4. There are many theories trying to explain why the 'ordinary man on the streets,'felt the need to implicate themselves in such atrocities. But for the opportunists amongst them, I think you hit the nail on the head with those 3 points. Great post PB.

  5. I'm curious to know what you think of the media, particularly BBC, referring to the Youth are protestors? Your analysis is great but I wonder how come people still haven't caught on yet? These actions aren't justified.

  6. Jamie, it's so true isn't it? Try telling me I will not be accountable to any consequence, and I might be lured to rob a bank. Poetic seduction.

    DCG, any time my dear friend. Link away!

    Kiki, thanks for your feedback and compliment. Truly appreciate it. Well I wish they would pause awhile and think why they are doing it, it can help.

    Lily, those 3 points arguably are the most exotic and sexy, even to me.

    Anonymous Moderate, you mean BBC as part of the media industry? It is a British corporation, not unlike others; that have their own target revenues, profitability, growth and return on equity. Why would they even be part of the equation? People do know. It is not a matter of catching up, it's a matter of making a choice on HOW TO ACT when the situation arises.

  7. I'm actually writing another post on the subject and I'm going to link it in that instead :)

  8. Petite, I just now got a chance to read your post, and to think about it. There is definitely something about the power of anonymity which gives people the extra push that they need to often do the unthinkable. I've just been to Chicago for a conference, and on the way into town I almost got my wallet stolen, by some very clever crooks. One of whom pretended to get his foot caught in the subway door, while the other one scurried in behind, as I was 'helping' his comrade in crime, then he tried to grab my wallet, and the two of them scurried off. It made me feel bad all over for the sake of humanity. And then I read your thoughtful post.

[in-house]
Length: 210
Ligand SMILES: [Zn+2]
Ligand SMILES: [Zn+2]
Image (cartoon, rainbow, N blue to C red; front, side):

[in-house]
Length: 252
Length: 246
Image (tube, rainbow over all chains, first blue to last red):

Ah, well I'm so glad that there are good people in this world, too.

  9. There is another mob mind-set , “the bystander effect” or “Genovese syndrome”, where the more people who witness an emergency the less likely anyone will help.

    I’m not entirely sure why this does not seem to apply to a situation where someone breaks into a shop and the mob all join in…I guess it’s the greed factor, which is a real shame because the physiological benefits of helping someone in need over stealing a TV or a pair of crappy designer trainers must be immense. ….

  10. Everybody has an excuse. Sometimes it seems life is just a struggle to justify our actions.

  11. maybe its also related to aggression built into us. it comes out in men more than woman.
    it also reminds me of how some animals hunt in groups to get what they need done.
    great post :)

  12. This is an interesting post. I think this idea of collective behaiviour is also displayed in many positive ways as well. My parents are beekeepers, and I find it fascinating to note the way bees work together, as one 'hive mind', to acheive things it would be impossible to achieve on their own. It is interesting to see this idea playing out in different areas of society - for example in a company, or in the church, or elsewhere. Here instead of 'no responsibility', it is shared responsibility, instead of anonymity there is individuality, yet each member of the group bringing their indivuduality to bear to complete the jigsaw of different skills and compliment the rest of the group. In a mob situation, people maybe become 'senseless puppets', but wouldn't it also be true that in a positive situation people would discover their individuality through working together?
    To summarize, I think the 'collective behaviour' concept can play out in two ways - we either degenerate into mindless puppets, following the crowd and accepting no responsibility, or in a positive situation our sense of responsibility is enhanced and the group can achieve a lot through power in numbers.

    Sorry for the ramble, but you got me thinking! Great post. x

  13. Hi,.
    Whilst social psychologists argues that deindividuation is NOT a loss of individual identity but a shift or transition into a social identity, I reckon otherwise.